I am teaching a class tomorrow (Wednesday, Jan 7 ... noon) at the Keller Williams Lake Travis market center on working with non-married clients. It is a panel discussion that includes a lender and an attorney. We teach this class on an ongoing basis to non-married buyers. Here are some things we think you and your clients should know:
Gay or straight, doesn't matter. Two "non-married" persons purchasing a property together in Texas need to know a few things about owning that love shack (or investment shack). Primarily, co-ownership does not necessarily convey the same rights as with a married couple. Many of these rights should be specifically created at the time of purchase of the home or shortly thereafter with appropriate legal documents such as a will.
This article is not intended to scare but it is scary how many non-married couples own property together without the appropriate legal documents in place to protect themselves in the case of death, disability or separation. Lovely topic, we know.
Did you know that if you own property with your friend, steady, lover, partner, college roommate, whatever non-married person you like and he or she dies without the appropriate and challenge-proof legal documents in place, that you now, more or less, own half of that property with their heirs? Oh joy. You may love the family to pieces but do you want to be in a business relationship with them?
What are your intentions if one person wants out? One person needs to move out of state for a new job? You break up? Or there is a death or disability. In the case of partners, is it the intention for the surviving person to keep the house, take over the full responsibility of the loan or does the deceased's heirs now own half the house?
You could end up putting yourself in a position where you may have to refinance to buy out the other person's family at today's market value and mortgage conditions or be forced to sell the home if you do not qualify for the new loan?
If you assume ownership of the property upon the death of the other co-owner, you may potentially have to address probate, inheritance challenges, inheritance taxes or risk the mortgage being called due. We recommend legal counsel at the time of purchase or shortly thereafter to help you avoid these possibilities.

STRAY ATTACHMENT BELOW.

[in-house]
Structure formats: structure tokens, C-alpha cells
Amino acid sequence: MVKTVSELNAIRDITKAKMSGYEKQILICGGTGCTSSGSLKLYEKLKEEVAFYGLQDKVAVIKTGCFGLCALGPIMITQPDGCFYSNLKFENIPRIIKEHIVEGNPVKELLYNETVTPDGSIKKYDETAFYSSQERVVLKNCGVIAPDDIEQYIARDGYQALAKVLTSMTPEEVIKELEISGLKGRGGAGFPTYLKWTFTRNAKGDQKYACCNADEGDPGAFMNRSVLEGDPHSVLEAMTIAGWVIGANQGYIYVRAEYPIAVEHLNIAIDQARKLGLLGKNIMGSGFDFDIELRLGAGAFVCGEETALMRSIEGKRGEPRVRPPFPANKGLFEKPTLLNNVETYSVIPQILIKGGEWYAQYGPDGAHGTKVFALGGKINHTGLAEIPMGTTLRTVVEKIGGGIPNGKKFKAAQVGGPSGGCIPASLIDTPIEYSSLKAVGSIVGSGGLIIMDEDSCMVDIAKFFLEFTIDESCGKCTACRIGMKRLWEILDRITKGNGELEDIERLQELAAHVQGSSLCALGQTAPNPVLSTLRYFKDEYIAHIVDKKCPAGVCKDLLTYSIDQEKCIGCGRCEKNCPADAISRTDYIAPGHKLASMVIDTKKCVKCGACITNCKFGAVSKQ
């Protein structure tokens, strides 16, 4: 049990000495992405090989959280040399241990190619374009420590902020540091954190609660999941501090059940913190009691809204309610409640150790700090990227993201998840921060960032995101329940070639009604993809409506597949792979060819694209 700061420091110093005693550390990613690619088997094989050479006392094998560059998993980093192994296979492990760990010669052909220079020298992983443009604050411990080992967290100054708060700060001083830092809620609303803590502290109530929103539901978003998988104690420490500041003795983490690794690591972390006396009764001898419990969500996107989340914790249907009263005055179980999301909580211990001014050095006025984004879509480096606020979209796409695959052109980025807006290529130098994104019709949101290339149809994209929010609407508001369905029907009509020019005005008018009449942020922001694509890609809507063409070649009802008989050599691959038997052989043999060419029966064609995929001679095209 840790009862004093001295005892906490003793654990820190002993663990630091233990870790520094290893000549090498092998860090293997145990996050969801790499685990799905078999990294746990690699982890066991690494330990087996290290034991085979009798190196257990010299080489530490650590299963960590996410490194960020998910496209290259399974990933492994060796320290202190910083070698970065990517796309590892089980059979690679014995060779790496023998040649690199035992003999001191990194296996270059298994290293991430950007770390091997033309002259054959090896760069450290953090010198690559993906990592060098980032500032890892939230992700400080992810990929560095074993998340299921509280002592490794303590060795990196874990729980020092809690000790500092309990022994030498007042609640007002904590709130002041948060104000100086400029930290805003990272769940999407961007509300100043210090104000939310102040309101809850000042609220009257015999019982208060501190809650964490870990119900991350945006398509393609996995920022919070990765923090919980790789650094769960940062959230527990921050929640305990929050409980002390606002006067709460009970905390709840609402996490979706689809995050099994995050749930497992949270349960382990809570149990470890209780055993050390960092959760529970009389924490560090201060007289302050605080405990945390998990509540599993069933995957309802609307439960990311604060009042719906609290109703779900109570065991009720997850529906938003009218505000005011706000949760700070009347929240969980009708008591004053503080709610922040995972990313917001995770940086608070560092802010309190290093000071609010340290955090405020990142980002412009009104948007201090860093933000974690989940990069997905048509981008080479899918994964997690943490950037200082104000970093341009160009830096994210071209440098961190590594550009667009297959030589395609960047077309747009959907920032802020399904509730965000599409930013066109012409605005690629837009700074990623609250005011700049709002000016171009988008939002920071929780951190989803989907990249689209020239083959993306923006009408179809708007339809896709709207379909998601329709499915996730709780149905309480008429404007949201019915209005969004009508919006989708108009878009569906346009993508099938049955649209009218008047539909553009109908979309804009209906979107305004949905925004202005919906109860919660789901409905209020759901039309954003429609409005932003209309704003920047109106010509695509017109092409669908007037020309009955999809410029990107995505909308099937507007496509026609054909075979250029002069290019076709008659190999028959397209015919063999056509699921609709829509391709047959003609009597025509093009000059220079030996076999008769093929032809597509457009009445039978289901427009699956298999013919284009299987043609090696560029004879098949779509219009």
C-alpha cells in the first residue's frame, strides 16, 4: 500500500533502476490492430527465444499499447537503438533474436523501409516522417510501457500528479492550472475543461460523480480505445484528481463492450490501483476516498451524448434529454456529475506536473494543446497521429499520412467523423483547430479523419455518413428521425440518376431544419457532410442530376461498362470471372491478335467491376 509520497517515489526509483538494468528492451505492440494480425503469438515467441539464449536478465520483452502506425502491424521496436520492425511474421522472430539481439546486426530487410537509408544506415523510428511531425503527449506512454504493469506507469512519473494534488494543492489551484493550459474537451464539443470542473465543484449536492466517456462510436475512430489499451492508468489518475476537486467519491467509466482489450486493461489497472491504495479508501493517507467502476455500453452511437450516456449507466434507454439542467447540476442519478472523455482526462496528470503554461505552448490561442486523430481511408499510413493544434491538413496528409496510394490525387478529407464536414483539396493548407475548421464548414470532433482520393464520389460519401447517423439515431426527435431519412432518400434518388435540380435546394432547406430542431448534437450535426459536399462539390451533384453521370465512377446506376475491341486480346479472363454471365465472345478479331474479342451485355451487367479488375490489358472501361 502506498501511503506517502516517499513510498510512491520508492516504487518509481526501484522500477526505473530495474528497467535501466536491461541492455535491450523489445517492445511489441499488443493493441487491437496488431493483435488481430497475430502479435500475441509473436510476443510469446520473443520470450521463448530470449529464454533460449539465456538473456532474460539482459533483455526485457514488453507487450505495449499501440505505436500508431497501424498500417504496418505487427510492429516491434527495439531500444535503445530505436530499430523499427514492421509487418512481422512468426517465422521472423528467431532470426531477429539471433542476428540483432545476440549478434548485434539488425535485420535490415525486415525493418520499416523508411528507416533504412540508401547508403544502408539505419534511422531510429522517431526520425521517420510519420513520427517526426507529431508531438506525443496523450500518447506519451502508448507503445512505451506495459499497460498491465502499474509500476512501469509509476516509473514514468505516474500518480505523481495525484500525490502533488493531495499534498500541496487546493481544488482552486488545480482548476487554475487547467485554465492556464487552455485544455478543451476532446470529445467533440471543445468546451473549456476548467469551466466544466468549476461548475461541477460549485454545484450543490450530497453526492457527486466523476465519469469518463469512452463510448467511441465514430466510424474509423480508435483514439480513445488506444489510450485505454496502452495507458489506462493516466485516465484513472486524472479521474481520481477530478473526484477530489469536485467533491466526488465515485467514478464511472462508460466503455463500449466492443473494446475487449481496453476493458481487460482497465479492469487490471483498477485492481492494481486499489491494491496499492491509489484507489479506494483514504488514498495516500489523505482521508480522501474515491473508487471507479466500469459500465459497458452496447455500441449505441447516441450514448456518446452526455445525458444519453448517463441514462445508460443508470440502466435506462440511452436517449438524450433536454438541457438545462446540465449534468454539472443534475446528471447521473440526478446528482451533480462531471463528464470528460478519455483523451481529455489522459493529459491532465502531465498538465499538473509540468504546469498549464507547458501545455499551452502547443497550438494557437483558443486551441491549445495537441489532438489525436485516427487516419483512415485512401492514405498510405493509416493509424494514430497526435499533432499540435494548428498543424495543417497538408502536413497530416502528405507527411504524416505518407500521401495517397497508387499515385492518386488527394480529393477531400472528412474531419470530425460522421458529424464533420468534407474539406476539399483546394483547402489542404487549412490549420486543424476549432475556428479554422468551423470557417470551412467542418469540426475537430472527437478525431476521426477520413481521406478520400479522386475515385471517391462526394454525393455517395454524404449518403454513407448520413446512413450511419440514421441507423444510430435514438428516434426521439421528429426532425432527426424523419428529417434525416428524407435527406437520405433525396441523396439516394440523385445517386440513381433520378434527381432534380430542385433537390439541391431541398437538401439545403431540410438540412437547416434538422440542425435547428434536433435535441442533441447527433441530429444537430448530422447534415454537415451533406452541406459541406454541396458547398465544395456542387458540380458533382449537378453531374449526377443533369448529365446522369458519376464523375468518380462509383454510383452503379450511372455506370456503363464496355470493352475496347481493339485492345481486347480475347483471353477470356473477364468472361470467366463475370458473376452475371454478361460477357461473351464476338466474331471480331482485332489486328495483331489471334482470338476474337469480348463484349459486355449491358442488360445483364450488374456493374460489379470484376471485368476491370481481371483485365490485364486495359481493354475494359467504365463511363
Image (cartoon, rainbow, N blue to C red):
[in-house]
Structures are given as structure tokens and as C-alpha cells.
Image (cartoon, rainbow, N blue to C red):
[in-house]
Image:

So a little advice when purchasing property:
• Talk. Talk about wills and estates and what-ifs. Call it a pre-nup if you wish, but have an understanding and, best, an actual agreement in writing.
• Ask your agent to put you both on the contract even if just one of you is on the note. It will help get the ball rolling in the right direction. Some lenders will allow this, some will not. Consult with your lender and Realtor to assess your best approach.
• Ask your lender and title company about Joint Tenancy With Rights of Survivorship (JTWROS). Many lenders will not permit them, especially if just one of the partners is on the Note. Sometimes you'll have a choice, sometimes not but you should ask.
• On tax benefits and who takes what, part or whole, talk to a good CPA for guidance.
We recommend working with Realtors, lenders, attorneys, tax advisors and title companies who are well-versed on working with non-traditional couples, non-married persons as this information is commonplace for them. A professional who is not may not understand these nuances and may waive them off as not important.
Let's take care of ourselves and our relationships. Legally sound home ownership is sound business.
Disclaimer: As licensed Realtors, financial advisors, mortgage brokers, we cannot give legal advice. We encourage you to discuss the details of your situation with appropriately licensed attorneys, financial and tax advisors.